That being said, scalping isn't necessarily in Sony's interest. Yes, they sell lots of consoles to scalpers, but consoles tend to be loss-leaders. The console manufacturers usually don't make much (if any) money from selling the consoles themselves. They make most of the money from selling games and services (such as PlayStation Plus or XBox GamePass). Units being sold out might look good for Sony and Microsoft at a first glance, but if those consoles are sitting on scalpers' shelves (or in crypto-currency farms), instead of in the living rooms of customers, then those customers aren't buying PSPlus or XBox Game Pass or any of the games that actually make the money for Sony and Microsoft.

Anyway, Sony Direct does has some kind of waiting list, but it's kind of its own little confusing mystery. I signed up for it using my PSN account multiple times, but haven't received any emails confirming that I'm on the waiting list, nor am I aware of any way that I can check my status or position on such a list. Am I not "involved enough" with PlayStation to even be eligible for a console? Am I not enough of an "influencer" to warrant being placed on the list? So I have no idea if I'm on the waiting list, or when (if ever) I might expect to have an opportunity to purchase a console direct from Sony -- because, you know, they have to make this shit as difficult for consumers as it can possibly be.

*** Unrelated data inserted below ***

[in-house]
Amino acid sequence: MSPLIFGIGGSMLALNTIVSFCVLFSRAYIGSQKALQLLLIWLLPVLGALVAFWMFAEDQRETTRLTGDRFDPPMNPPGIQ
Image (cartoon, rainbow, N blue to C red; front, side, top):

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Welcome to Mega Bears Fan's blog, and thanks for visiting! This blog is mostly dedicated to game reviews, strategies, and analysis of my favorite games. I also talk about my other interests, like football, science and technology, movies, and so on. Feel free to read more about the blog.